Pathways to plant domestication in Southeast Anatolia based on new data from aceramic Neolithic Gusir Hoyuk



Kabukcu, Ceren ORCID: 0000-0001-5963-5826, Asouti, Eleni ORCID: 0000-0002-0905-7594, Poellath, Nadja, Peters, Joris and Karul, Necmi
(2021) Pathways to plant domestication in Southeast Anatolia based on new data from aceramic Neolithic Gusir Hoyuk. SCIENTIFIC REPORTS, 11 (1). 2112-.

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Abstract

Southeast Anatolia is home to some of the earliest and most spectacular Neolithic sites associated with the beginning of cultivation and herding in the Old World. In this article we present new archaeobotanical and zooarchaeological data from Gusir Höyük, an aceramic Neolithic habitation dating to the 12th-late 11th millennia cal BP. Our results show selective use of legume crop progenitors and nuts during the earlier part of this period, followed by the management of cereal and legume crop progenitors from the mid-11th millennium cal BP. This contrasts with data available from other Anatolian habitations indicating broad spectrum plant use with low crop progenitor inputs. Early aceramic Neolithic Anatolian plant and animal exploitation strategies were site-specific, reflecting distinctive identities and culinary choices rather than environmental constraints. A multivariate evaluation of wheat grain metrics alongside botanical and radiometric data indicate that early wheat domestication in southeast Anatolia occurred at a faster pace than predicted by current hypotheses for a protracted transition to farming in Southwest Asia. We argue that this phenomenon is best explained as a corollary of the increasing importance of cereals in feasting at southeast Anatolian sites characterised by increasing architectural complexity and elaboration during the 11th millennium cal BP.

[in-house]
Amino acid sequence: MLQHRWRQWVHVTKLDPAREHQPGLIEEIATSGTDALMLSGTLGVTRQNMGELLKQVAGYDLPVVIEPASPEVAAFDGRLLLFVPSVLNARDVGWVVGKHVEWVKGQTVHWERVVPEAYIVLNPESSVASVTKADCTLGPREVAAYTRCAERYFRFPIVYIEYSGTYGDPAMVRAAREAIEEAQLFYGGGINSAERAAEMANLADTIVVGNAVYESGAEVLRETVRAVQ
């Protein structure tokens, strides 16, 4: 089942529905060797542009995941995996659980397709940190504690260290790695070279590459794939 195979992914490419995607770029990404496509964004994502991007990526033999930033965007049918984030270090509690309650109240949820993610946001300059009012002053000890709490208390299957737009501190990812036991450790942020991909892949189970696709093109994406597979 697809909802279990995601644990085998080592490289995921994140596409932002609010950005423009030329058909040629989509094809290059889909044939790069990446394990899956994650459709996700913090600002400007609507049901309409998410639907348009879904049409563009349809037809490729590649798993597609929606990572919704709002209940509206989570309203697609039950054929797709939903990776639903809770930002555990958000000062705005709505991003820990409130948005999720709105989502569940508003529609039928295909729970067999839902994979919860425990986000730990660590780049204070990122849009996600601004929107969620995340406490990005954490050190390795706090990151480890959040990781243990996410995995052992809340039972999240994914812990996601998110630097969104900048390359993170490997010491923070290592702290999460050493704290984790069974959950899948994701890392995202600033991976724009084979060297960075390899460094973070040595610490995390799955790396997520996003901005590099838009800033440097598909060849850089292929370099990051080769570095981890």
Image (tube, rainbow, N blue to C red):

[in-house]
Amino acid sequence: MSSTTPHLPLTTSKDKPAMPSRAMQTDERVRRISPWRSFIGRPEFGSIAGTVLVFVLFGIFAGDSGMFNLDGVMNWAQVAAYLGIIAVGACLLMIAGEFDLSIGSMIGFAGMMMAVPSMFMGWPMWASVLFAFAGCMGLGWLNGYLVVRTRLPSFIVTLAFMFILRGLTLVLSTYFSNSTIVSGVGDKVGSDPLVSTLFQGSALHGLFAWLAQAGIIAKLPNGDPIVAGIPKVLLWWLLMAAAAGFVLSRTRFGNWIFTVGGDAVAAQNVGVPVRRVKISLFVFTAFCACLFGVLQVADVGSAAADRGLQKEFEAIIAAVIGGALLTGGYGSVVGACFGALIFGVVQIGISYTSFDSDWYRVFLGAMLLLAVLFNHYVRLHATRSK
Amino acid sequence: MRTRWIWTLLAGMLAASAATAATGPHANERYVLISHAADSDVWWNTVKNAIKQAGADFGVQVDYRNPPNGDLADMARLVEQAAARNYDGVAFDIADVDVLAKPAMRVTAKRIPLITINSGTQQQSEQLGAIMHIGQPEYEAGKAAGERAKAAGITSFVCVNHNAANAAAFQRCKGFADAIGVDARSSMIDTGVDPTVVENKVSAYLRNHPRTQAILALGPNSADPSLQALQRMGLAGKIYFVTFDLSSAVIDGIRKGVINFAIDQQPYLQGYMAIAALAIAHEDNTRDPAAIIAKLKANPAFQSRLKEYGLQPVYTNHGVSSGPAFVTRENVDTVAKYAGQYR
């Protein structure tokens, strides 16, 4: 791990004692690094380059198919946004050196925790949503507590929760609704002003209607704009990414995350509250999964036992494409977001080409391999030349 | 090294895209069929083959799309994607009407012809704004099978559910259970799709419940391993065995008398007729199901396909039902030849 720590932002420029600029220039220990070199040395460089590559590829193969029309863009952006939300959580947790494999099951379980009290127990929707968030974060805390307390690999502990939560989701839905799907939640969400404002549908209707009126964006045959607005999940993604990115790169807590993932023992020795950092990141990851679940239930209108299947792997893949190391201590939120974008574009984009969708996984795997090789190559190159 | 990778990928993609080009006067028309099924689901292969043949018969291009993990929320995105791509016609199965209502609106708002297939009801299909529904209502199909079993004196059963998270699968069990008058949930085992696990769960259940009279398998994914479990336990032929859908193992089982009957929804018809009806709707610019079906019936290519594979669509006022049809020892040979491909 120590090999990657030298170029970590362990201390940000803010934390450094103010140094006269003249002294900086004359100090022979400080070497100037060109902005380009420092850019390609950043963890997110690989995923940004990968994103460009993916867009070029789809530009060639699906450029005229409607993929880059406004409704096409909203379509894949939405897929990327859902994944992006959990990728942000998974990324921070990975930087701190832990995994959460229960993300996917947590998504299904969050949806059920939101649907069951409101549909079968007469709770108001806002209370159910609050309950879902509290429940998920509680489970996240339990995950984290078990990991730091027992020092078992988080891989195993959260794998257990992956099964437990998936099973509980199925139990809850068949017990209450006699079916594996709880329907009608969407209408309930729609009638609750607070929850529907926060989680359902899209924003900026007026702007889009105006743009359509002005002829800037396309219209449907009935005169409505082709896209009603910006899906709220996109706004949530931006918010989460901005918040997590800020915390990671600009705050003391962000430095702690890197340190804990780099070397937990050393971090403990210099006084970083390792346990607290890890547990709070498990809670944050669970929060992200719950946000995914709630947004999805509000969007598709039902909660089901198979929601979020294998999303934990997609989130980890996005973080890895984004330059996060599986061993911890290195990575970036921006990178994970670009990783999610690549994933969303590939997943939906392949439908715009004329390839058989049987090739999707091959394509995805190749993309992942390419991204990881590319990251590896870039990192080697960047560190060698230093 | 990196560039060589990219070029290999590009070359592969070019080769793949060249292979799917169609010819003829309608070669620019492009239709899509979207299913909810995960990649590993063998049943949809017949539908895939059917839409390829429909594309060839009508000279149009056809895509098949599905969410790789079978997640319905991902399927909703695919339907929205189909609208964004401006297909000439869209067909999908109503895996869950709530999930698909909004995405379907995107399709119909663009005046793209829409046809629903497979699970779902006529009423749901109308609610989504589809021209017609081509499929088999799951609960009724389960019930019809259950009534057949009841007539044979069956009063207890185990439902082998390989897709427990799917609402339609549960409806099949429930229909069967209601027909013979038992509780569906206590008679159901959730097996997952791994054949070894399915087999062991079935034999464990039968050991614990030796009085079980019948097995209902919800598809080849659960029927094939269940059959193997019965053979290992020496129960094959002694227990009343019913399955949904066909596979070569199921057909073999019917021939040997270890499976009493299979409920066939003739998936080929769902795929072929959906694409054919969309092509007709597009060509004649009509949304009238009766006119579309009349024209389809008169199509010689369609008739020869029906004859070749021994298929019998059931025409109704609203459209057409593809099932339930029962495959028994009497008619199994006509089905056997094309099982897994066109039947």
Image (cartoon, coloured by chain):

Item Type: Article
Uncontrolled Keywords: Animals, Humans, Fabaceae, Crops, Agricultural, Archaeology, Agriculture, History, Ancient, Turkey, Edible Grain, Domestication
Depositing User: Symplectic Admin
Date Deposited: 22 Jan 2021 14:35
Last Modified: 18 Jan 2023 23:02
DOI: 10.1038/s41598-021-81757-9
Related URLs:
URI: https://livrepository.liverpool.ac.uk/id/eprint/3114528